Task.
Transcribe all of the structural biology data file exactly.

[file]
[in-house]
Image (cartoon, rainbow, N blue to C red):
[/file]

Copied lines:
[in-house]
Image (cartoon, rainbow, N blue to C red):